Vehmontahhs( Vermonters)

IMG00332-20110324-2105 Many,many times I have put all of my gear in my vehicle and headed up I-79, accross I-90 in New York, cut the corner at Amsterdam and spit myself out at Ballston Spa, New York, hopped on I-87( the Adirondack Northway), headed east on Rt 149 and into Rt 4 until I crossed the border into Vermont. For those of you who have not been there or those of you who have and appreciate it, Vermont it one of the most beautiful states in the Union. The Green Mountains with all their seasonal glory are a wonder to behold and the little iconic towns like Woodstock, Bethel, Randolph, Stowe, East Burke and a host of others are something out of a Christmas card. The steepled churches, the gazebos in the town squares, the beautiful homes with the steep pitched metal roofs to ward off the heavy snow, and the candles in the windows make you feel like you are driving or walking back in time compared to the hussle and bussle of cities much larger. Vermont has a warmth and a charm that is hard to describe unless you take the time ( and take your time) driving or walking through the towns or hiking the hundreds of miles of trails in the Green Mountains. The skiing is great and can be a challenge because of the weather, but that is what makes Vermont what it is. The challenge earns that hot toddy or Long Trail Ale at the end of the day.

Perhaps one of the most interesting things about Vermont besides the mountains, towns and dairy farms, are the people themselves. They are a hard working, Ethan Allen like, ready for anything lot, and tend to be your best friend only when they get to know you. Kind of like a dog who sniffs you and snarls a little bit until they know you are their friend and then they will do anything for you. Take these three curmudgeons in the hot tub above. These three Vehmontahhs are my friends who I ski with each year and have about as much business in a hot tub as Atilla the Hun would be at high tea. These guys are hard core skiers and the guy in the middle is the owner of the hot tub out in Nevada. He has enjoyed the laid back lifestyle of the west but still took a 2 month motorcycle trip to the Arctic Ocean this summer. The consumate outdoorsman, he honed his skills back in Vermont.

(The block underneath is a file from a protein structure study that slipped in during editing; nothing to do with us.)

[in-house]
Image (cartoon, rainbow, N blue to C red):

True Vermonters don’t drive Land Rovers with” I Love Vermont” stickers on the bumper. They tend to drive old F-150s or perhaps an old Impala with concrete blocks or cement bags in the trunk with big honker snow tires. Weather means nothing to these guys as evidenced by the re-build they did after the recent hurricane last year. They silently rebuilt their homes and roads without all the hoopala from the media. This is what they do. They eat nails for breakfast and tend to be the masters of the understatement. “Yea- it is a little bit scratchy on the trails today.” Translated that means you can see last years dandylions under the black ice that you are skiing. “Well we got a little dusting overnight.” That means a foot of new snow. The first time I went skiing with Eric Durfee( the guy in the middle up above), we went to Mad River Glen which is a tyrant of a hill with no snowmaking, single chair and blankets, and conditions that can generate sparks coming from your skis as you make your way down the glades or icy sometimes rocky trails. The temperature was 15 below and the guy at the ticket booth was selling single ride tickets. Eric came to the booth and said,” Two day tickets please.” To which his fellow Vermonter replied,” Did you hear what I said, we are selling single ride tickets because of the cold.” Eric said,” Yeah- I heard you, two day tickets please.” Fast forward to about 2:00 PM, my wips wah fwozen and I couldn’t get any wohdds out of my wips. My feet were numb, the hands were numb, and I finally requested that we go in. The guy who eats nails for breakfast said, don’t stay in too long, you will sweat. I would have given my right toe for some sweat at that point.